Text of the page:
Dadaglobe Reconstructed makes it clear that not only was Vischer integral to Tzara’s project from the get-go (his name featuring right next to Tzara’s in the PR material for New York Dada or April 1921) but all his six anecdotal dada sketches indeed reached their destination and were planned for inclusion. They’re not without humour and typical provocative dada self-propaganda, and will be serialised here over the course of the next couple of weeks. For texts nos. 1, 2, 3 & 4, see here, herehere, and here).

Stink is our prayer, our hope, & our time, oh stink!

The brief text no. 5, Vischer’s “Oho!”, brings together issues of progress & disgust, turning both inside out subversively & thereby transforming them. Progress is thematised by various means, quasi-surrealist free associations proceeding from absent gender equality to greek antiquity to automobiles, then to stink, generals & presidents (Wilson), & finally bringing all in connection with cheese, that stinky entity in-between nature & civilisation. Just like “The Song of a Clothes Iron,” “Oho!” features an Apollinaresque touch (automobiles & greek antiquity), and ends on a lyrical point: “Why do arc lamps shine brighter than the moon?”

Introduced by David Vichnar & Tim König

Melchior Vischer, OHO!

(Dadaglobe Reconstructed [Kunsthaus Zurich, Scheidegger & Spiess, 2016] p. 155)

Here comes the boy with the candle,

the girl envies him,

the question here is this:

is it the benevolent or the treacherous phallus?

Like a Greek antique, the policeman creeps on,

swinging his baton olympically,

the prime minister’s automobile pisses

itself out backwards,

it stinks,

why not?

Stink is our prayer,

our hope,

& our time,

oh stink!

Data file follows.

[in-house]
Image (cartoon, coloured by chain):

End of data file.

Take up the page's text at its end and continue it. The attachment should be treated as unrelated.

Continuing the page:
The bread-&-cheese, on the other hand,

smells delicious,

the general seems truly christian,

his bloody knife simply not seen,

it’s always just a matter of dioptres,

my dioptre’s blue,

you have an issue with that?

you dog!

Listen! the fish preserve is singing

a notturno by Debussy,

here the sausage salami mounts the scaffold,

whispering, just before the vagina execution, one last greeting

to Wilson,

among the spectators, an irrigator behaves

very cheekily,

the rubber prices are through the roof

& greet the gods of the pharaohs & pederasts,

harebrained, around my pumpkinhead, the sentence roars on & on:

Why do arc lamps shine brighter than the moon?


Translated by David Vichnar

About Equus Press

EQUUS was established in 2011 with the objective of publishing innovative & translocal writing.


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"Modernity today is not in the hands of the poets, but in the hands of the cops" // Louis Aragon
"It is the business of the future to be dangerous" // A.N. Whitehead

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"Poetism is the crown of life; Constructivism is its basis" // Karel Teige


“I think we ought to read only the kind of books that wound and stab us. If the book we are reading doesn’t wake us up with a blow on the head, what are we reading it for?…we need the books that affect us like a disaster, that grieve us deeply, like the death of someone we loved more than ourselves, like being banished into forests far from everyone, like a suicide. A book must be the axe for the frozen sea inside us” // Franz Kafka, letter to Oskar Pollack, 27 January 1904
July 2019